This zombie is especially dangerous because it is driven by one thing – its quest for its lost mother, and it will destroy anything that stands in its way.
The Director: Steven Spielberg. Underneath the Empty Child’s anger and destructive behaviour lies despair and parental yearning. Perfect for the Beard.
Key Scene: The Empty Child, confronted with endless ranks of other Gas-Mask Zombies, laments that he just wants to “go home”...
The Villain: Supposedly meaning ‘learned court prosecutor’, the Valeyard is a shadowy creature who was created between the Doctor’s twelfth and final regeneration. A mysterious entity, he is considered a ruthless force, and maybe a composite of the Doctor’s dark side.
During the Six Doctor’s time, the Valeyard is appointed by the Time Lords as the Doctor’s prosecutor, who is on trial for misconduct. His severe temperament means that the Lords hope he will condemn the Doctor to execution, and effectively brush under the rug the Time Lords’ little misdemeanour - in which they almost destroyed some planet called Earth.
The Director: Duncan Jones. Let’s really get under the skin of this person they call the Valeyard – Who is he? What are his hopes? His dreams? His fears? – all in a pretty space setting.
Key Scene: The Valeyard wakes up after a fall and discovers that there’s another Valeyard in his home who looks just like him...
The Family of Blood
The Villain: A gaseous riff on 2.4 children, these green, globular entities consist of a father, mother, son and daughter, all who refer to each other as Father of Mine, Mother of Mine etc. They have the ability to possess human bodies, and can communicate telepathically.
Oh, and they have an army of scarecrow-like, near-indestructable protectors created by Son of Mine.
The Director: David Cronenberg would take the body horror of globular entities possessing human form to their horrific extreme.
Key Scene: The family have weird dreams in which their bodies develop large green pustules before beginning to disintegrate. Then, a DVD drive appears in the middle of their torsos...
The Villain: A turncoat Time Lord who possesses many aliases, including Koschei. At his craziest, he has threatened to destroy the universe, though really he wants to control it and attain the title Master Of All Matter. His madness is attributed to the fact that he has the perpetual sound of drumming in his head. Tinnitus is no laughing matter, kiddies.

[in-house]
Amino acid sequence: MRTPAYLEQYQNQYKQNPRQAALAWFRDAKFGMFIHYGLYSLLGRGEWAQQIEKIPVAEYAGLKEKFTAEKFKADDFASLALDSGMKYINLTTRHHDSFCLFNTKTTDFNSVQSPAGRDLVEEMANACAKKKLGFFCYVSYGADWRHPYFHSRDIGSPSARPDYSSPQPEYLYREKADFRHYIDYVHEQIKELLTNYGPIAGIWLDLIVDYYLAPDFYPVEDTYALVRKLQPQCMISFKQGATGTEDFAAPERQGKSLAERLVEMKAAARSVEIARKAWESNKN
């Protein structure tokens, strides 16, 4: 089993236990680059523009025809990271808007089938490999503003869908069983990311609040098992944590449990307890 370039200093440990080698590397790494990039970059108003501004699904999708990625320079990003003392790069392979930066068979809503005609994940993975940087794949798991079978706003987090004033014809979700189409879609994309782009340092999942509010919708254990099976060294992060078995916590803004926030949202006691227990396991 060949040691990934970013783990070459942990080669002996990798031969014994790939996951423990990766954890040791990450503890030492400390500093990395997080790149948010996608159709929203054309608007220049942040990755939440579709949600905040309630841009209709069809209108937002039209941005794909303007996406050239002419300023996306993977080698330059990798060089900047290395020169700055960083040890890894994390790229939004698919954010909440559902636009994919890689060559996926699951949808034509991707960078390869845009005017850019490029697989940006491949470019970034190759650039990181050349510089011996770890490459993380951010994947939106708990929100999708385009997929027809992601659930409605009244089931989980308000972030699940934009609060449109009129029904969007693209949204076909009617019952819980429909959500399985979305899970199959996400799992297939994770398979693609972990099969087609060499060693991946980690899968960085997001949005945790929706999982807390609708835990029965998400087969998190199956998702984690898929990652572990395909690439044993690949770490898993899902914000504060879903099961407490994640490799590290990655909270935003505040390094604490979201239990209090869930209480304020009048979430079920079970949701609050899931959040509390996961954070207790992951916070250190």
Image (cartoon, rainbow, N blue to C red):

The Master and the Doctor were childhood friends. But when the Doctor fled their homeworld of Gallifrey, The Master was sent to apprehend him. The two are considered intellectual equals, but polar opposites in character. The Master’s arrogance and vanity are his downfall.
The Director: Quentin Tarantino. Because damn those Time Lords like to talk . And if anybody can make all that chatter interesting, it's Tarantino.
Key Scene: The Master is confronted by the Time Lords in a deserted warehouse. They think he's a "rat", but he professes his innocence. Inevitably, it ends in one Lord having his ear cut off amid the ensuing bloodbath...
The Villain: Quite literally a snivelling worm, Sil is an intergalactic businessman – which means he’s both slimy on the inside and the out. Manipulative and backstabbing, Sil will always go that extra bloody mile to close a deal, no matter whose blood it is that ends up on his smothering little hands.
Even his business associates aren’t free from Sil’s dirty schemes, as the vacuous creepy-crawly forces his associate into a corner through his illusory machinations. But while his schemes are grandiose, Sil is reaching for the stars with little hope of ever grasping them – tall orders indeed. Now where did we leave that Zeiton-7?
The Director: George Lucas, obviously, with Sil’s corrupt behaviour second only to that of Jabba the Hutt's.
Key Scene: Sil gets sick of negotiating with a poor space farmer, and drops him into an underground coliseum, where the fella has to battle it out against a giant man-eating alien.
The Clockwork Men
The Villain: Talk about using your initiative – the Clockwork Men and their clever fix-ups put both Blue Peter and Jimmy Savile to shame.
A conclave of repair droids, this lot use anything and everything at their disposal to get the job done. And we mean anything. While working on the SS Madame De Pompadour, they snatch the body parts of the crew to fix the ship, in lieu of actual mechanical parts. They can also smash holes through the space-time continuum, making them slippery little buggers.